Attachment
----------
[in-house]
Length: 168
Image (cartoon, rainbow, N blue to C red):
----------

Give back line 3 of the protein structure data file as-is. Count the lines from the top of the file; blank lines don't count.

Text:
Image (cartoon, rainbow, N blue to C red):